Located in Cedaredge, Colorado, this new American micro-distillery uses an "Arnold Holstein Batch Reflux Still" which we understand to be a sort of cross between a pot still and a continuous still. Someone wanna help clarify?
Barely a nose -- just a hint of ryebread and fresh dill pickle (is there a deli nearby?) Now the palate, that's interesting. Mild and rather unique. Moderately sweet, with ight spices (cardamom and cinnamon), but most obvious is a big herbal aspect, including the dill from the nose. Finish continues the theme at length, leaving me with the flavors of obscure, dark European digestifs.
It is 40%, and given that, it's got some very nice flavor to it. It really reminds me of those weird, somewhat bitter digestifs I tend to drink at Italian restaurants after talking to the bartender too much. Given all that, the flavor may have somewhat limited appeal, and I'm not sure it's super-drinkable at legnth. There are some alcoholy unfinished edges of youth, and something vaguely petroleum-y, but they tend to stay tamed. This is probably the most un-bourbony bourbon I've tasted. I'd be extremely interested to try this at a higher proof; definitely worth trying nonetheless. (Barrel no. 2)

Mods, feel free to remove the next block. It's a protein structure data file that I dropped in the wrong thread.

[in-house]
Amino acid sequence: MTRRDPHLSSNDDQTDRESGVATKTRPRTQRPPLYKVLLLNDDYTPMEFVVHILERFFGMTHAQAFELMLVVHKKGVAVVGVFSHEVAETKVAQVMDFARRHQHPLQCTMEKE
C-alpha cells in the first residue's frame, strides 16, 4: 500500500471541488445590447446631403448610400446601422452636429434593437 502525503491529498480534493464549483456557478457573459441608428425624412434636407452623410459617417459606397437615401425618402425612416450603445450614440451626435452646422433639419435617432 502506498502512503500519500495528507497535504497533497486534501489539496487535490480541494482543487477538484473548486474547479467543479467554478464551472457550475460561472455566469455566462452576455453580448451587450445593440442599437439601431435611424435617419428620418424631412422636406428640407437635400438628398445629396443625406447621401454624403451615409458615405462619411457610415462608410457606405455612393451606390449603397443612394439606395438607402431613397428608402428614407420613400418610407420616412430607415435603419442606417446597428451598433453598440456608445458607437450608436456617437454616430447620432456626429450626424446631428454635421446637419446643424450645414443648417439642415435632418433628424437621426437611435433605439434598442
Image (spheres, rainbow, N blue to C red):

[Ah okay, their currently inoperative but still-cached website says, "While our recipes are secret, we can tell you that we use corn, wheat, malted barley, and an assortment of botanicals." Hmmm.]
N: Empty desk drawers, glue, spirituous. Some more exotic wood appears, like cedar (maybe that's not so exotic but unusual). P: Basically tasteless at first, opens up to a generic woodiness. F: There's some sugar in the finish, which is nice, but then there's an odd off-note as well. Woody with nothing to balance it.
n: wood, menthol, and rubbing alcohol fumes. Hint of vanilla and orange creamsicle ice cream bar.
t: sharp and hot initial, warm caramel popcorn ball with marshmallows, then a strong corn sweetness that really takes over in the middle and a note of spearmint. Oak stays nice and present through the finish with a hint of dill. Not bad, a bit industrial, but nothing to make this memorable for me.